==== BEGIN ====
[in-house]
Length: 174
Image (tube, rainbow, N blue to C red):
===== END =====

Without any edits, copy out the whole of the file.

[in-house]
Length: 174
Image (tube, rainbow, N blue to C red):